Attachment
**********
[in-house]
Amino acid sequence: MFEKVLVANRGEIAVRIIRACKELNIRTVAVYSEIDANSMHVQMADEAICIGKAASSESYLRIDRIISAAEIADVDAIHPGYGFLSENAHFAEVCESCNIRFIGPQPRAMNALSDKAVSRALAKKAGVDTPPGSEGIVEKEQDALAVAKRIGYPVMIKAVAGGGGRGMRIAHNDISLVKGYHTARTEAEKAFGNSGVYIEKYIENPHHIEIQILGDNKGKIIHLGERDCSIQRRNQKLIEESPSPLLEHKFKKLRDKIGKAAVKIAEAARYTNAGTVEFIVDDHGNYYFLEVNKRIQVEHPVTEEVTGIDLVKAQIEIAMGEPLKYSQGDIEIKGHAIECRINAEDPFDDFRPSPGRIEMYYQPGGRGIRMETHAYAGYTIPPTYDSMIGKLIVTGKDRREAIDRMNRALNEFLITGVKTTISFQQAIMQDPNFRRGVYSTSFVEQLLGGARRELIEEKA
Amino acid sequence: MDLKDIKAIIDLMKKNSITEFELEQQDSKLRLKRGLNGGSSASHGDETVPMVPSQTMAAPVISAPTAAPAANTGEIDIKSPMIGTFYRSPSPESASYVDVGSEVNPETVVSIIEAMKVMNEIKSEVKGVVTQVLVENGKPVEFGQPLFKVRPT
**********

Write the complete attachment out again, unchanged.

[in-house]
Amino acid sequence: MFEKVLVANRGEIAVRIIRACKELNIRTVAVYSEIDANSMHVQMADEAICIGKAASSESYLRIDRIISAAEIADVDAIHPGYGFLSENAHFAEVCESCNIRFIGPQPRAMNALSDKAVSRALAKKAGVDTPPGSEGIVEKEQDALAVAKRIGYPVMIKAVAGGGGRGMRIAHNDISLVKGYHTARTEAEKAFGNSGVYIEKYIENPHHIEIQILGDNKGKIIHLGERDCSIQRRNQKLIEESPSPLLEHKFKKLRDKIGKAAVKIAEAARYTNAGTVEFIVDDHGNYYFLEVNKRIQVEHPVTEEVTGIDLVKAQIEIAMGEPLKYSQGDIEIKGHAIECRINAEDPFDDFRPSPGRIEMYYQPGGRGIRMETHAYAGYTIPPTYDSMIGKLIVTGKDRREAIDRMNRALNEFLITGVKTTISFQQAIMQDPNFRRGVYSTSFVEQLLGGARRELIEEKA
Amino acid sequence: MDLKDIKAIIDLMKKNSITEFELEQQDSKLRLKRGLNGGSSASHGDETVPMVPSQTMAAPVISAPTAAPAANTGEIDIKSPMIGTFYRSPSPESASYVDVGSEVNPETVVSIIEAMKVMNEIKSEVKGVVTQVLVENGKPVEFGQPLFKVRPT